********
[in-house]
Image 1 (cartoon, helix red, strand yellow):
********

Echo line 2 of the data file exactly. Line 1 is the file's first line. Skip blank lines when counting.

Image 1 (cartoon, helix red, strand yellow):